Death of Druze leader reported in Syria blast

State TV confirms reports of bombings said to have killed Sheikh Wahid al-Balous and others in country's southwest.

    Death of Druze leader reported in Syria blast
    Druze have been divided by the war, with some fighting for Assad and other expressing sympathy for rebels [Reuters]

    A car bomb blast has killed a Druze leader among others and injured dozens more in southwestern Syria, according to a monitoring group.

    Friday's explosion on the outskirts of Suweida killed Sheikh Wahid al-Balous, who opposed both the Syrian government and armed groups fighting against it, the UK-based Syrian Observatory for Human Rights said.

    A separate blast that occurred around the same time in Suweida killed and wounded dozens of people, the Syrian Observatory said.

    "Sheikh Wahid al-Balous was killed in a car-bomb attack as he was driving on the outskirts of Suweida city," Rami Abdelrahman, head of the Syrian Observatory, said.

    He said a second car bomb struck near the hospital in the Dahr al-Jabal neighbourhood where the wounded were being taken.

    He told AFP new agency the toll from the two attacks had risen from eight people to 26, and that 50 others were wounded. Syrian state media confirmed the two blasts and also said 26 people had been killed, blaming the explosions on anti-government groups.

    No responsibility claim

    State media did not mention Sheikh Wahid al-Balous, who was a popular leader in Suweida, the heartland of Syria's Druze minority which made up around three percent of the country's pre-war population of 23 million.

    There was no immediate claim of responsibility for the blasts and Al Jazeera could not independently verify the reports of the sheikh's death.

    After the attack, dozens of people protested outside government buildings in the Suweida area, setting cars alight and destroying a statue in the town of former president Hafez al-Assad, father of President Bashar al-Assad, the Syrian Observatory said.

     

    According to Malek Abu Kheir, a journalist from Suweida, the sheikh often spoke out against both armed groups and the Assad government.

    "Balous was the leader of the Sheikhs of Dignity group, which aimed to protect the Druze areas in Syria," said Abu Kheir.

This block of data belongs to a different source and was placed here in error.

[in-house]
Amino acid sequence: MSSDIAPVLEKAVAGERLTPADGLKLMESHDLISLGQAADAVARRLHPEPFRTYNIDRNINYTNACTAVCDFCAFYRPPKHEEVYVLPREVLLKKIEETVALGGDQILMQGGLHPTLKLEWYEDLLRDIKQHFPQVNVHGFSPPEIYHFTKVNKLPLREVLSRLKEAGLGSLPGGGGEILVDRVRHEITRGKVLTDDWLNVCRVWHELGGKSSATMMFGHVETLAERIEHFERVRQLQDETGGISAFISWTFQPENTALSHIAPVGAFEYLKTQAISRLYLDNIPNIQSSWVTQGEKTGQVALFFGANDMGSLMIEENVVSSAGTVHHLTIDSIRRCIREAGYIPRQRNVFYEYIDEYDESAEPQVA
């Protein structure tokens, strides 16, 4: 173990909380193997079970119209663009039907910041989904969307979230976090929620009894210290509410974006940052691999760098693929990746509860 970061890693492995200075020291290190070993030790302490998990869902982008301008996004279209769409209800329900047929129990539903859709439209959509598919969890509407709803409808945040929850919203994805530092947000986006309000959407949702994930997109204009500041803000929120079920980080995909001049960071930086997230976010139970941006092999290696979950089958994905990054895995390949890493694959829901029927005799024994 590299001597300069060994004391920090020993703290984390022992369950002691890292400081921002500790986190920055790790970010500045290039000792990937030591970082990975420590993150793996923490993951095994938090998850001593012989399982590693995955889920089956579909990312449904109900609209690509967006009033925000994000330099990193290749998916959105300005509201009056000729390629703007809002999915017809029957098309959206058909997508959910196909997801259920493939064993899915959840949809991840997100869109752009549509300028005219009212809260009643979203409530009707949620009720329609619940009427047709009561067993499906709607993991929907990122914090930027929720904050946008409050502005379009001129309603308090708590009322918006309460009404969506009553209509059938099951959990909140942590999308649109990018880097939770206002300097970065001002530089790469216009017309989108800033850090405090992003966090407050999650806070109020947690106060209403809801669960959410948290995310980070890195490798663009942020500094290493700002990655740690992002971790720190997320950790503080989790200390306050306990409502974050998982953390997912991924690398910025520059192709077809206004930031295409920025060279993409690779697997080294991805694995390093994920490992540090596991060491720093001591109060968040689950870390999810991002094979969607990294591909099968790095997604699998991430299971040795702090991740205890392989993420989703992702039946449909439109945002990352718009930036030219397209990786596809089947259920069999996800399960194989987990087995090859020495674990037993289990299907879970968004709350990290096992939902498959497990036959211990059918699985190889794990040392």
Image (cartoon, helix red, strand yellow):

The Sheikhs of Dignity is the most powerful militia in the area and had fought fierce battles against the Islamic State of Iraq and the Levant (ISIL) group and al-Qaeda's Syrian affiliate.

    Balous also opposed army conscripts from Suweida being sent outside the province, Abu Kheir told AFP.

    Condolence statement

    The head of Lebanon's Druze community, Walid Jumblatt, in a condolence statement he posted on Twitter, accused the Assad government of killing Balous.

    "My condolences to Sheikh Wahid al-Balous and his companions, who were assassinated by the regime of Bashar al-Assad," he said.

    But the chief of Syria's Druze, Sheikh Youssef Jarboua, accused "the enemies of the nation and humanitarian state".

    For his part, Omran Zohbi, Syria's information minister, said the "terrorism that struck Suweida wants to send a message to its people, that because they stood by their nation, they will pay the price of this stance with blood".

    According to SANA, parliament condemned "the two terrorist explosions in Suweida".

    Nearly 12,000 children are among the almost a quarter of a million people killed in Syria's conflict since it broke out in March 2011 [AP]

    "These cowardly terrorist acts will not discourage the Syrian people from continuing their fight against terrorism, but will instead strengthen their perseverance," the parliament statement said.

    Neither Zohbi nor the parliamentary statement mentioned Balous.

    The Druze, who follow a secretive offshoot of Shia Islam, have been divided during Syria's civil war, with some members fighting on the government side and others expressing sympathy for the opposition.

    Almost a quarter of a million people, including nearly 12,000 children, have been killed in Syria's conflict since it broke out in March 2011, according to the Syrian Observatory.

    At least 88,616 Assad loyalists have been killed - or one-third of all deaths documented by the monitor  - including 50,570 government soldiers, with the rest made up by allied fighters.

     

    SOURCE: Agencies


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